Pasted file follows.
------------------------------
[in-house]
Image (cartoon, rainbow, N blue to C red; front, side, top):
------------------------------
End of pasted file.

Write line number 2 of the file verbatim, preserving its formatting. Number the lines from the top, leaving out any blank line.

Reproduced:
Image (cartoon, rainbow, N blue to C red; front, side, top):